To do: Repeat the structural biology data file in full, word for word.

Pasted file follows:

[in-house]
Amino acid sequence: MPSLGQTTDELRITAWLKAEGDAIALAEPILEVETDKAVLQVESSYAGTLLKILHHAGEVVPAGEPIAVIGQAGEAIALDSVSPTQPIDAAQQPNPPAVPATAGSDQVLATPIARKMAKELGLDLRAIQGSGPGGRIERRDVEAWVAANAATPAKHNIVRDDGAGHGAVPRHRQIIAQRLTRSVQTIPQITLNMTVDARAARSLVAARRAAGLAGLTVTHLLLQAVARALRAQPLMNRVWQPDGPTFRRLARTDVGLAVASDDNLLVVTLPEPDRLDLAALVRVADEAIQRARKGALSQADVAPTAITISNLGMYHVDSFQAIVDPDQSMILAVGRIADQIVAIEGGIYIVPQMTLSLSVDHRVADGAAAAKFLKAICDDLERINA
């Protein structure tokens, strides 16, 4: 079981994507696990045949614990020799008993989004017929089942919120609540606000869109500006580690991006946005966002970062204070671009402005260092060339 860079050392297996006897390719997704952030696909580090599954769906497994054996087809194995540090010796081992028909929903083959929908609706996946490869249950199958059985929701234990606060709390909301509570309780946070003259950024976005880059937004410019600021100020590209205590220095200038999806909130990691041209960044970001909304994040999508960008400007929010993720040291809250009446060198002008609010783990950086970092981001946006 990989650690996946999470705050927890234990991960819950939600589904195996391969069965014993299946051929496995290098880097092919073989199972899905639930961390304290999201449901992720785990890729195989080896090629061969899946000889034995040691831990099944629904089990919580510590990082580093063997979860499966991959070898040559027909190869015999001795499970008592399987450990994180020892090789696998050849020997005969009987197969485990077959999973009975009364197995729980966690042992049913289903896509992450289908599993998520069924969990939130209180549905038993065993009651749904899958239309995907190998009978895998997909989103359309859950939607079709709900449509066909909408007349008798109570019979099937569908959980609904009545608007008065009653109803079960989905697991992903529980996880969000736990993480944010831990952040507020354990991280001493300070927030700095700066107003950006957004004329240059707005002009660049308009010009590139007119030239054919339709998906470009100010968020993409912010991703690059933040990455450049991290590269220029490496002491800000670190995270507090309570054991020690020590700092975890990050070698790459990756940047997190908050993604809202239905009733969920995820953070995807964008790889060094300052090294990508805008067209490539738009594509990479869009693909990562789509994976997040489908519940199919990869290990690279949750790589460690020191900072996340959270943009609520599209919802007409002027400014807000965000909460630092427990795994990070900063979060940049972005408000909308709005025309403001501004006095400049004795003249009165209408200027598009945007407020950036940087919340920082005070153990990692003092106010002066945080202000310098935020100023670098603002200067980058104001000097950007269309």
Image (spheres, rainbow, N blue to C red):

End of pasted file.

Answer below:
[in-house]
Amino acid sequence: MPSLGQTTDELRITAWLKAEGDAIALAEPILEVETDKAVLQVESSYAGTLLKILHHAGEVVPAGEPIAVIGQAGEAIALDSVSPTQPIDAAQQPNPPAVPATAGSDQVLATPIARKMAKELGLDLRAIQGSGPGGRIERRDVEAWVAANAATPAKHNIVRDDGAGHGAVPRHRQIIAQRLTRSVQTIPQITLNMTVDARAARSLVAARRAAGLAGLTVTHLLLQAVARALRAQPLMNRVWQPDGPTFRRLARTDVGLAVASDDNLLVVTLPEPDRLDLAALVRVADEAIQRARKGALSQADVAPTAITISNLGMYHVDSFQAIVDPDQSMILAVGRIADQIVAIEGGIYIVPQMTLSLSVDHRVADGAAAAKFLKAICDDLERINA
């Protein structure tokens, strides 16, 4: 079981994507696990045949614990020799008993989004017929089942919120609540606000869109500006580690991006946005966002970062204070671009402005260092060339 860079050392297996006897390719997704952030696909580090599954769906497994054996087809194995540090010796081992028909929903083959929908609706996946490869249950199958059985929701234990606060709390909301509570309780946070003259950024976005880059937004410019600021100020590209205590220095200038999806909130990691041209960044970001909304994040999508960008400007929010993720040291809250009446060198002008609010783990950086970092981001946006 990989650690996946999470705050927890234990991960819950939600589904195996391969069965014993299946051929496995290098880097092919073989199972899905639930961390304290999201449901992720785990890729195989080896090629061969899946000889034995040691831990099944629904089990919580510590990082580093063997979860499966991959070898040559027909190869015999001795499970008592399987450990994180020892090789696998050849020997005969009987197969485990077959999973009975009364197995729980966690042992049913289903896509992450289908599993998520069924969990939130209180549905038993065993009651749904899958239309995907190998009978895998997909989103359309859950939607079709709900449509066909909408007349008798109570019979099937569908959980609904009545608007008065009653109803079960989905697991992903529980996880969000736990993480944010831990952040507020354990991280001493300070927030700095700066107003950006957004004329240059707005002009660049308009010009590139007119030239054919339709998906470009100010968020993409912010991703690059933040990455450049991290590269220029490496002491800000670190995270507090309570054991020690020590700092975890990050070698790459990756940047997190908050993604809202239905009733969920995820953070995807964008790889060094300052090294990508805008067209490539738009594509990479869009693909990562789509994976997040489908519940199919990869290990690279949750790589460690020191900072996340959270943009609520599209919802007409002027400014807000965000909460630092427990795994990070900063979060940049972005408000909308709005025309403001501004006095400049004795003249009165209408200027598009945007407020950036940087919340920082005070153990990692003092106010002066945080202000310098935020100023670098603002200067980058104001000097950007269309």
Image (spheres, rainbow, N blue to C red):